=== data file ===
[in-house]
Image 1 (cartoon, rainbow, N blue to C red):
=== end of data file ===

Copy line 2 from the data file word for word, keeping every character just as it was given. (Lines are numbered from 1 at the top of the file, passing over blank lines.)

Image 1 (cartoon, rainbow, N blue to C red):